As the weather gets warmer, favourite songs from past summers re-emerge. For many, one such favourite is Robin Thicke and Pharell Williams’ “Blurred Lines”, a song that a Los Angeles jury found was similar enough to Marvin Gaye’s “Got to give it up” to constitute copyright infringement. As a result, Marvin Gaye’s family was awarded more than $7.3 million. In this case (which I will refer to as the Blurred Lines case), copyright existed with respect to the sheet music to the song “Got to give it up”.
This was an interesting case for a number of reasons; however, the million dollar question for most people is – what is “copyright”?
In Canada, “copyright” is defined by the Copyright Act (the “Act”). It provides that, for the purposes of the Act, “copyright” means the sole right to produce or reproduce a work or a substantial part of the work. If a substantial part of a work is reproduced without authorization, the copyright owner has the ability to seek various remedies. As I discussed in a previous blog, copyright law protects the expression of ideas in original literary, dramatic, musical and artistic works, but does not protect every piece of an original work or ideas themselves.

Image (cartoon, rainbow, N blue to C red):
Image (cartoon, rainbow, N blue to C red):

As a lawyer who practices both estates law and business law, the Blurred Lines case is interesting because it serves to demonstrate how different areas of law interact.
What interaction am I referring to? Well, since the claim in the Blurred Lines case was brought by Marvin Gaye’s estate, this a case that reminds us that copyright outlives the author of the copyrighted material.
Pursuant to Canadian law, a person’s copyright generally lasts for “the life of the author, the remainder of the calendar year in which the author dies, and a period of fifty years following the end of that calendar year.” Therefore, if one’s copyright interests survive the death of the author, the value of the copyright must be considered by owners during the estate planning process and by estate trustees when administering an estate.